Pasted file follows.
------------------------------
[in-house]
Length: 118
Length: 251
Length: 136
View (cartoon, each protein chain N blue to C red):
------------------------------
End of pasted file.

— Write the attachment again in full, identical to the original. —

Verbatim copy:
[in-house]
Length: 118
Length: 251
Length: 136
View (cartoon, each protein chain N blue to C red):